Uplift’s Workflow for Commercial Drone Ops

04/26/2016

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Every month, we host a webinar on a different topic for commercial drone operators. I always ask our attendees to submit questions in advance so we can be sure to cover the issues that are most meaningful to them.

For our next webinar (this Thursday!), I’ve received hundreds of questions—more than ever before. Many of them have been around workflow and process. 

Examples:

  • What are best practices for keeping my flight area free of non-participants?
  • How do you make sure the flight crew knows what data they should gather?
  • Are there safety precautions I should take every time or only in certain situations?
  • I’m spending a lot more time on admin work than I thought I would. How do I create a repeatable process?
Andrew Dennison

Andrew Dennison

I asked an expert for advice. Andrew Dennison is COO of LIFT Technologies, which has one of the most experienced and professional commercial drone operations in the United States. LIFT is a division of Clayco, Inc, one of the nation’s largest construction and engineering firms.

Though LIFT works primarily on construction and surveying projects, their workflow is a great example for any industry because it prioritizes safety, client satisfaction, and efficiency—paramount for every business.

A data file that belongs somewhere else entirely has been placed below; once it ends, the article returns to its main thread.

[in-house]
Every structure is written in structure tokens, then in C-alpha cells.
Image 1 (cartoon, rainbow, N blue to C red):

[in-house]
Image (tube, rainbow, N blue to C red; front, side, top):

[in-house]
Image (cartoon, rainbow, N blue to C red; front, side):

Andrew will be presenting during Thursday’s webinar, but I wanted to share in advance the process that LIFT Technologies follows.

Safe, Efficient Drone Operations in 12 Steps

Before the operation

1. Understand your client deliverables

Find out the client’s goal for the project—what are they expecting. Ask questions, in person or over the phone, and then email over a bulleted list for confirmation.

Create an official scope of work that includes the exact specifications and deliverables.

Once the client has signed off on the scope of work, you’re ready to start planning.

2. Check the airspace

There’s a reason the pilots at LIFT Technologies check the airspace as the first step of the job plan. For the most professional commercial drone operators, such as LIFT, meeting regulatory requirements is part of doing business.

“We use Skyward to see where the job is located and what type of airspace we’re dealing with,” Andrew said. “We’ve had several instances where a job site hasn’t been covered by our Blanket COA, and we’ve had to tell the client that we can’t fly until we are approved for a Civil COA.”

3. Schedule the date & time of the flight, including the operator and observer

It may sound obvious, but if your business has dozens of flights per week at far-flung job sites, your ops can easily be derailed if you don’t know when your drones and pilots are available.

Onsite

4. Conduct a safety briefing

Depending on the type of work site, get permission to fly over nonparticipants in the area and conduct a safety briefing. A safety briefing at a construction site will be different than one on a closed-set film shoot.